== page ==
Still Trying to Convince Myself on RAW

Started Jun 29, 2013 | Photos thread
gardenersassistant Veteran Member • Posts: 4,456
Re: No Convincing Required

Gary Eickmeier wrote:

Renato1 wrote:

I'm not sure what you are trying to compare. The JPEG comes from the RAW file - the nice clean Jpeg came from that noisy RAW file.

Ten years ago it was not uncommon to have blown highlights and to have dark patches devoid of detail in Jpegs. It was fairly wise to shoot RAW if one could, as the detail could be brought back into the picture, which otherwise would have been irretrievably lost in a Jpeg. For me, that hasn't been much of an issue since Sony bought out the A100 with the then novel feature of Dynamic Range Optimization.

RAW is still handy for instances where one can expect the camera to struggle with exposure and white balance (especially indoors with all those energy saving flourescent globes around), but otherwise, unless one is really enthusiastic about getting the absolute best (by doing a stack of work) Jpegs are very satisfactory.


OK, finally, a point that we can test. If RAW can recover blown out highlights that JPG cannot, I will be a convert forevermore. This is exactly what I was looking for, some aspect of the image that RAW could save the day with.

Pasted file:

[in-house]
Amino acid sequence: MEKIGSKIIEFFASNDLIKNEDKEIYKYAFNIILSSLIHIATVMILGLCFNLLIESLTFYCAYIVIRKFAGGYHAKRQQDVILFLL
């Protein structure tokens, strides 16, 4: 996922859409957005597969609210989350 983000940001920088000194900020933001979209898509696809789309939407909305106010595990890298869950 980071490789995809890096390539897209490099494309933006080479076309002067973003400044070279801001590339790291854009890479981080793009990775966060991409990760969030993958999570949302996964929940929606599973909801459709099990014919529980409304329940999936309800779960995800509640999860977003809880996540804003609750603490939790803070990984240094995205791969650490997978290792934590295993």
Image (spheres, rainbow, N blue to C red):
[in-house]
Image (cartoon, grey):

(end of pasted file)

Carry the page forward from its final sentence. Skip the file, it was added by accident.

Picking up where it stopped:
Is this any help to you in your search for something testable? It involves a very different type of camera of course, and much lower captured image quality than you are used to, but the example does address the specific issue you raise here, and another one to do with retaining detail at higher ISOs. (You have access to the originals, RAW and JPEG, from that link, so you can test it out for yourself.)

If you are not used to dealing with low quality outputs from P&S type cameras, this post may not mean much to you, but it does show how RAW (together with some careful post processing) lets me produce image quality that satisfies my needs using higher ISOs than most people think practical with low quality small-sensor images.

EDIT: I probably should have mentioned, in case you are unfamiliar with the technicalities of using a small sensor camera, that the f/8 you will see in these examples is the smallest aperture available on the camera concerned, and was used to provide the maximum depth of focus. As with smallest apertures such as f/22 or f/32 on larger sensor cameras, f/8 on a small sensor camera causes considerable loss of definition/detail because of diffraction. So, as well as suffering from loss of detail from the (for this type of camera) high ISOs, these images suffer from loss of detail from diffraction.

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